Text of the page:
• PingBack from http://blog.a-foton.ru/index.php/2009/02/04/announcing-tfs-performance-report-pack/

  • Hi Granth,

    The reports looks great!

    Do you have a version for SQL Server Reporting Services 2005.

    /Magnus

  • Granth, This report pack looks very promising. I followed the steps you provided but encountered the following error when i tried to upload the .rdl file:

    La definición del informe no es válida. Detalles: La definición de informe tiene un espacio de nombres de destino no válido 'http://schemas.microsoft.com/sqlserver/reporting/2008/01/reportdefinition' que no se puede actualizar. (rsInvalidReportDefinition)

    Can you help me out?

  • Granth, I forgot to mention that we are running TFS2008 with SQL Server 2005.

  • Great work, much appreciated

    Just what I was looking for, saves me hours and hours  :)

    I’v started working on a report of witch client accessing the server, and having some issues figuring out the different values of UserAgent .  Do you have any plans for publishing such a report?

    /Mattias

  • Nice post Grant :), I translated/resumed it for the spanish community: http://www.lfraile.net/post/Informes-de-rendimiento-de-TFS.aspx

  • Для формирования отчетности TFS использует механизмы SQL Server Reporting Services, а значит при необходимости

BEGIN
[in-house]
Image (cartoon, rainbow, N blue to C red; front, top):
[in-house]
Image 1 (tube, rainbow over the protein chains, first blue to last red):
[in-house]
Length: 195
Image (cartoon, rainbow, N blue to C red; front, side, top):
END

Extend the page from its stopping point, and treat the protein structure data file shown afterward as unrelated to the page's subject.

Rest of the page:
• Hola a todos, veo en el blog del ex-MVP (ahora trabaja en Microsoft), Grant Hollyday , que ha creado

  • Managing the Developer Division Dogfood instance of Team Foundation Server is always a real challenge. 

  • Grant Holliday , former Team System MVP, is now working on the VSTS product group on various things but

  • My latest in a series of the weekly, or more often, summary of interesting links I come across related to Visual Studio. Visual T4 Blog is a new blog focused on the T4 code generation tool that ships with VS2008. Here are the first few posts: New Blog

  • Hi, I am getting error uploading reports:

    The report definition is not valid. Details: The report definition has an invalid target namespace 'http://schemas.microsoft.com/sqlserver/reporting/2008/01/reportdefinition' which cannot be upgraded. (rsInvalidReportDefinition)

    Does this mean this only work with SQL 2008. That would be too bad.

  • Follow-up

    Half the reports cannot be uploaded (see message above)

    These do not load: Execution Time for User.rdl

    Execution Time Summary.rdl

    Server Status - Source Control Request Queue.rdl

  • The Microsoft’s Developer Division has one of the busiest Team Foundation Server at Microsoft. Their

  • La División de Desarrollo de Microsoft tiene uno de los Team Foundation Server con más carga en Microsoft.

Page 1 of 2 (30 items) 12